Peace, War and Computers / Edition 1

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Overview

Computers are at the heart of war today: The U.S. Navy relies on Palm Pilots as much as fighter pilots. American cybersaboteurs unleashed computer viruses against Slobodon Milosevic in Yugoslavia. Even Marxist guerrillas in Colombia report that the computers they use to track kidnappings are Y2K compliant. A visionary and disarming overview of cyberwar in the 21st Century, Peace, War, and Computers looks beyond the gadgets of techno-warfare and the early predictions of a purely "cyberspace" war to reveal how electronic culture has changed the way we wage war and peace. Drawing on informatics and chaos theory, Gray shows that, despite our Star-Wars fantasies, postmodern war is a complex system that cannot be controlled or predicted from outside. Unmanned aircraft - soon to be followed by remote-control naval fleets - may appear to make warfare more sterile, less bloody. But as the fighting in Somalia showed, sometimes the highest technology sometimes can't win the simplest conflict. Even the best missile defense system envisioned by the military would have been useless against box-cutters on September 11. Essential reading for anyone interested in computers, politics, and the cutting edge of military strategy and theory, Peace, War, and Computers unlocks the power and pitfalls of computers for war - and peace - in a world where total war is unthinkable.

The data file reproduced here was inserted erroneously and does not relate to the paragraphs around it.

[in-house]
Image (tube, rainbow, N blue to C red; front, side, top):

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Product Details

  • ISBN-13: 9780415928854
  • Publisher: Taylor & Francis
  • Publication date: 12/28/2004
  • Edition number: 1
  • Pages: 240
  • Product dimensions: 6.20 (w) x 9.10 (h) x 0.90 (d)

Meet the Author

Chris Hables Gray is also author of Postmodern War and Cyborg Citizen and editor of The Cyborg Handbook. He is Professor of Cultural Studies of Science and Technology at Godard College and is Professor, Core Faculty, Graduate College, for The Union Institute and University. He is a former Eisenhower, NASA, and Smithsonian Fellow and is an active member of Computer Professionals for Social Responsibility.

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Table of Contents

1 The new normal isn't 3
2 Real war and postmodern illusions 23
3 Globalization : who will rule the world? 47
4 The politics of technologies/the technologies of politics 69
5 The future present of peace and resistance to war 97
6 Art as politics by other means 119
7 The possibilities of citizenship 137
8 Reasons for hope 155
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